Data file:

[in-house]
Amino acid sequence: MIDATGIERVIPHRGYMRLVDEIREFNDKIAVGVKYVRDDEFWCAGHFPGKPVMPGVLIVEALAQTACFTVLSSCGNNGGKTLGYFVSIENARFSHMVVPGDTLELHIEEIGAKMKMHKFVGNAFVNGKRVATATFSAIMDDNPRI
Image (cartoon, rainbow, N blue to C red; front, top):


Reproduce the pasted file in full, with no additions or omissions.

[in-house]
Amino acid sequence: MIDATGIERVIPHRGYMRLVDEIREFNDKIAVGVKYVRDDEFWCAGHFPGKPVMPGVLIVEALAQTACFTVLSSCGNNGGKTLGYFVSIENARFSHMVVPGDTLELHIEEIGAKMKMHKFVGNAFVNGKRVATATFSAIMDDNPRI
Image (cartoon, rainbow, N blue to C red; front, top):